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BOOK - KEEPING,
ACCORDING TO THE METHOD OF SINGLE ENTRY. WITH a description of the Books, and Directions for using
them : very useful either for young Book-keepers entering into business, or for masters to teach in their Schools.
ALTERED FROM C. HUTTON.
T is very necessary that almost every person who is ine
tended for business should learn a course of Book-keeping of this kind, because it is used in almost every shop. The Italian method alone is not sufficient ; for it is a constant complaint among the merchants, and others, who use this method, that their boys, having learnt only the Italian method, when they first come to business, are almost as ignorant in the management of their books, as if they had never learnt any method at all. There are some boys who have not time to learn, or perhaps a capacity to understand a complete course of the Italian method; there are also, many intended for such kinds of business, as that the Italian method would be thrown away upon them: To all such then, this method will be very useful. And even supposing a boy is intended for a business which requires the Italian method alone, I would, notwithstanding, have him taught this method first, if it were only to facilitate his acquisition of the other. This method is so easy, that it may also be taught in a few weeks time to young women as well as young men.
The forms of the books may be sufficiently known by inspection. In the day-book, every person's name is set down Dr. To the things he receives from you on trust, and Cr. By those which you receive from him. In the margin of the day-book are written the pages where the accounts stand in the ledger: Instead of these marginal figures, some make only a stroke or dash with the pen, to shew that the account has been posted, that is, entered in the ledger; but it is better to use the figures, for they shew, not only that the account has been posted, but likewise where to find it in the ledger, without looking in the alphabet. In the day-book I have
Get down only the total amount of all the articles of each day, collected into one sum ; having purposely omitted the amount or value of each single line or article, every one of which the learner is to compute by way of exercise, and as it were in real trade, and enter in their proper columns, in the day-book as he copies it out. Then the printed sum totals will shew him if he has computed the particulars rightly.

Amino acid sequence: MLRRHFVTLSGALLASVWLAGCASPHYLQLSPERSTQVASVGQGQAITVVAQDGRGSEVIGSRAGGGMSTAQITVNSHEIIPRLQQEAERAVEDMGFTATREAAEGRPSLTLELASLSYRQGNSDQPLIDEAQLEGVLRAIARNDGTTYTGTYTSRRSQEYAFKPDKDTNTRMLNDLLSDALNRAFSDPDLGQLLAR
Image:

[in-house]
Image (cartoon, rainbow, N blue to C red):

I have entered in the day-book what is received as well as what is delivered, which is absolutely necessary in teaching; for the learner ought to make out all his own ledger from his day-book.
There are several other books kept by most merchants, ass the cash book, the book of house expences, the invoice-book, &c.
Directions for the Learner. Having ruled your books in the proper form, copy into the day-book one month's accounts ; then calculate them upon your slate or waste paper, to find if they be rightly cast up, and to exercise you in calculations. Next rule your slate or waste paper, in the form of the ledger, and upon the accounts that were copied in the day-book, with their dates prefixed ; observing to set on the Dr. side of each person's account, those accounts to which he is Dr. in the day-book, and on the Cr. side, those by which he is Cr. And if any account consist but of one article, you are to express it particularly, with its money, in the columns; but if of several, write To or By sundries, placing the sum of the amounts of all the articles in the columns. After the accounts are, by correcting, if necessary, placed according to the teacher's mind, transcribe them into your ledger, leaving a proper space under each person's name to receive more accounts. Then, under the proper letters in the alphabet, enter those names with the pages where they stand in the ledger; and lastly, write the ledger pages to the several accounts in the day-book. Do the same with the next month's accounts ; and so on, till the whole be finished. But observe that you must not enter any person's name down again which has been entered before, till the space first
; assigned to it shall be filled with articles; and then the account must be transfered to a new place, as you may observe is done with Jane Strawberry's account.
When the first ledger, titled A, is filled with accounts, you must, as is done with the following ledgers, transfer the unbalanced accounts to the second ledger, titled B, and so on, according to the order of the letters of the alphabet ; and at the end of the old ledger draw out a balance account, placing your debts on one side, and
your credits on the othe;.
THE DAY BOOK.
1st month 1, 1810.
D.c. D. c. 1
James Elford, of Lancaster, Dr. To 15 yards of fine broad cloth at 4,25 24 superfine ditto
1st month 20, 1810. 2 Fonas More, Dr. To 1 Ream thick Post,
1st month 27,
2 James Wilson, Schoolmaster, Dr.
2d month 5th,
Aaron Ableman, Dr. To 1 Ledger
5 C. Quills,
Reams writing paper, 6 Quires letter paper, 20 Reams brown paper,